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Header Cell - Column 0 Razer RaijuRazer Kishi V2
Connection typeBluetooth/USB-CUSB-C
Battery life23 hoursN/A
Macro buttonsNoYes
Dimensions125 x 159.4 x 66mm92.2 x 180.7 x 33.9mm

Razer Raiju vs Razer Kishi V2: Performance

Playing Fortnite on a Samsung Galaxy S23 Ultra using a Razer Kishi V2 controller

(Image credit: Nicholas Sutrich / Android Central)

Considering that both controllers are Razer products, it’s no surprise that both perform very well, feeling great to use. The Raiju is very comfortable with great feeling buttons and is excellent even in Bluetooth mode, with the controller easily connecting with minimal differences in latency compared to playing with a wired connection. The already weighty controller is slightly top-heavy when a phone is connected though, and the fact that the volume buttons are partially blocked while playing is a tad annoying.

The Kishi V2 is very sleek and easy to hold, with the design centered around the phone in the center of the controller arguably resulting in a more compact and comfortable feel than the Raiju. Like the Raiju, the buttons are very satisfying, but the thumbsticks are poor and lacking, especially in first-person games.

Both controllers allow the remapping of buttons through their own apps, the --- for the Raiju and the Nexus app for the Kishi V2, where the Kishi V2’s macro buttons can also be programmed.

Razer Raiju vs Razer Kishi V2: Which should you buy?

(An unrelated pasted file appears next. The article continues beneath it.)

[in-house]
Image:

Despite similarities between the two, the decision on whether to purchase either the Razer Raiju or the Razer Kishi V2 comes down to personal choice and some key differences. For those used to a typical console controller, the Raiju may work best. The mount is simple to use despite some button-blocking issues and the choice of connection method offers great flexibility. The remappable buttons and great touches such as the adjustable trigger locks also contribute to the Raiju being an excellent choice for an Android controller.

The Kishi V2 may be better for those who primarily game on the go, its USB-C connection removes the need to worry about battery life, and its lightweight and collapsible design makes it easy to carry around. There is a high-quality feel to the buttons and D-Pad, and although the thumbsticks are poor, the overall package makes the Razer Kishi V2 a difficult controller to ignore, especially if your primary goal is portable Android gaming. Ultimately, both controllers are excellent, with either of them being a worthy purchase for anyone looking to get into mobile gaming. But the convenience of the Kishi V2 just about pushes it in front.

Matt Shore
Freelance Writer

Matt has been gaming since he was young, and enjoys exploring obscure indie games in between the latest AAA releases. The train sequence from Uncharted 2 still blows his mind. Find him on twitter @mshore94.